Understanding what is above and below ground, where utility lines intersect with water lines, has important safety ramifications for routine management and disaster relief.
Sensors can not only give first responders crucial data during flood conditions, they can also be used for safety concerns during day-to-day operations.
“As you put all this information into a common place in a digital twin of the digital city, you can start reusing this information across it, and it really helps cities save money and become smarter,” Mr Kiraly said.
This is still a challenge commercially, as the first-responder budget is generally not the same as the budget for the sewer system or for electrical utilities. There is also a question around how quickly decades-old policies and budgets can be combined and updated.
Communicating a vision for a smarter city
While it’s tempting to dive into the technological side of this change, one simple but crucial advantage is the ability to communicate designs, visions, and decisions with the public.
“There is huge value in stepping back and saying, I can actually show the public and stakeholders what this city is going to look like, and how the changes we are considering are going to impact their lives,” Mr Kiraly said.
“Most if not all of our processes right now are still paper based. If they have any drawings or CAD at all, it’s about the very specific asset, but it doesn’t always show how that impacts the environment that it’s in. Without that visualisation, it’s easy for people to use politics to get things passed, as opposed to really coming to an informed consensus based on real data.
“A digital twin of the city lets you look at a proposed new building and how it’s going to affect the shadows in an adjacent park. Macro effects like how it’s going to affect wind flows in the area as well as flooding and drainage predictions can be analysed. Scenarios like this cannot only be explored and determined but be very accessible to the public to see as they are published. With a digital twin it’s very clear what the impact of the infrastructure update is going to be to all concerned.”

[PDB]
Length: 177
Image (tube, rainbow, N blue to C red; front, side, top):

Digital twins validate decision makers’ proposals and our policies. It allows them to demonstrate the true impact of the proposed change, and how it will affect a particular asset in the city.
A holistic understanding of infrastructure
Mr Kiraly noted that a more sophisticated, integrated understanding of a city’s infrastructure will optimise the way digital twin technology is used.
“When we talk about infrastructure in the city, people think of the buildings. But, we also have to think of the linear network of the roadways, and how that is intertwined with utilities beneath the road. Utilities impact drainage systems. Putting in rail transit impacts utilities and roads. And, as we distribute more and more of our electricity through solar and wind power, we need to know how that distribution is plugged in. It’s the ability to take all of this into account holistically that makes for a digital city.”